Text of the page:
harry wootliff hit the road

Source: The Bureau / Celluloid Dreams

Harry Wootliff, ‘Hit The Road’

True Things director Harry Wootliff has been awarded the £50,000 IWC Schaffhausen Filmmaker Bursary award in association with the British Film Institute (BFI), as the 2021 BFI London Film Festival closed with a virtual awards ceremony on Sunday October 17.

Wootliff was chosen by a panel comprised of actor and filmmaker Phoebe Waller-Bridge and BFI CEO Ben Roberts, for one of the biggest financial prizes in the UK independent film industry.

Scroll down for the full list of winners.

True Things premiered in Horizons at the Venice Film Festival in September, and is Wootliff’s second feature after 2018’s Only You. It stars Tom Burke and Ruth Wilson in the story of a woman living on the fringes of society, who becomes intoxicated by a stranger who overwhelms her quiet life. It is produced by The Bureau, with backing from BBC Film and the BFI.

The other IWC nominees were Lee Haven Jones for his debut feature The Feast, and Rob Savage for second feature Dashcam.

Panah Panahi’s debut feature Hit The Road won the best film award in the official competition. Hit The Road premiered in Directors’ Fortnight at Cannes 2021; it follows a chaotic but tender family on a road trip across a rugged landscape.

“At all times in cinema history, but perhaps during a pandemic especially, we are looking for ways to connect to life,” said Malgorzata Szumowska, president of the official competition jury. “Our choice is for a film that made us laugh and cry and feel alive.”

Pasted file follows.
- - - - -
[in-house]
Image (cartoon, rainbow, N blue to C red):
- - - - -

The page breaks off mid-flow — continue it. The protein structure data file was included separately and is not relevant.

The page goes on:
The Sutherland award for best film in the first feature competition went to Laura Wandel’s Belgian film Playground, which also debuted at Cannes in Un Certain Regard.

“It’s an intimate film that everyone can identify with and connect with, and yet has a striking and singular voice, with a courageous commitment to its vision,” commented first feature competition president Isabel Sandoval. “It left us wanting to see more from this bold, audacious filmmaker.”

Five of the seven awards given out during Sunday’s virtual ceremony were for films directed by women.

Liz Garbus won the Grierson award in the documentary competition for Becoming Cousteau, about the life of French explorer Jacques-Yves Cousteau. Section jury president Kim Longinotto praised the film for highlighting “the most pressing issue of our time, climate change.”

The audience award was won by Costa Brava, Lebanon, the debut feature of Screen Arab Star of Tomorrow 2016 Mounia Akl, which premiered in the Horizons Extra section at Venice this year. The award was won last year by Thomas Vinterberg’s Another Round, which subsequently went on the win the Oscar for best international feature.

The 65th BFI London Film Festival closes this evening with Joel Coen’s The Tragedy Of Macbeth starring Denzel Washington and Frances McDormand. 

BFI London Film Festival 2021 winners

IWC Schaffhausen Filmmaker Bursary
Harry Wootliff, True Things

Best film
Hit The Road (Iran)
Dir. Panah Panahi

Best first feature
Playground (Bel)
Dir. Laura Wandel

Special commendation
Small Body (It-Fr-Bel)
Dir. Laura Samani

Best documentary
Becoming Cousteau (US)
Dir. Liz Garbus

Special commendation
Babi Yar. Context (Neth-Ukr)
Dir. Sergey Loznitsa

Immersive art and XR award
Only Expansion (UK)
Creator: Duncan Speakman

Special commendation
Virtually There (UK)
Creator: Leon Oldstrong

Audience award
Costa Brava, Lebanon (Leb-Fr-Sp-Swe-Den-Nor-Qat) 
Dir. Mounia Akl

Best short film
Love, Dad (Cze-Slov)
Dir. Diana Cam Van Nguyen

Special commendations
The Bang Straws (UK)
Dir. Michelle Williams Gamaker

Precious Hair & Beauty (UK) 
Dir. John Ogunmuyiwa